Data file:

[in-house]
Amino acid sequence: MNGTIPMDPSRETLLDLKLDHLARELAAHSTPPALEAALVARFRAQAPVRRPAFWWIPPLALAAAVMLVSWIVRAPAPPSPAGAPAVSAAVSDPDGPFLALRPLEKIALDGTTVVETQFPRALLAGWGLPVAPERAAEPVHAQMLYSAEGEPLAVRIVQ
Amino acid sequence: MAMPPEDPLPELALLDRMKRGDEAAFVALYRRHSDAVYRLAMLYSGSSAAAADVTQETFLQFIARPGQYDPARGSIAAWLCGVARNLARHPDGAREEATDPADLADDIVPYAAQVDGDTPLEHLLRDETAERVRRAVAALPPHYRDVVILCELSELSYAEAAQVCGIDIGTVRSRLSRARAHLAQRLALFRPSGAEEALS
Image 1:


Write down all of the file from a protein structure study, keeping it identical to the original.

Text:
[in-house]
Amino acid sequence: MNGTIPMDPSRETLLDLKLDHLARELAAHSTPPALEAALVARFRAQAPVRRPAFWWIPPLALAAAVMLVSWIVRAPAPPSPAGAPAVSAAVSDPDGPFLALRPLEKIALDGTTVVETQFPRALLAGWGLPVAPERAAEPVHAQMLYSAEGEPLAVRIVQ
Amino acid sequence: MAMPPEDPLPELALLDRMKRGDEAAFVALYRRHSDAVYRLAMLYSGSSAAAADVTQETFLQFIARPGQYDPARGSIAAWLCGVARNLARHPDGAREEATDPADLADDIVPYAAQVDGDTPLEHLLRDETAERVRRAVAALPPHYRDVVILCELSELSYAEAAQVCGIDIGTVRSRLSRARAHLAQRLALFRPSGAEEALS
Image 1: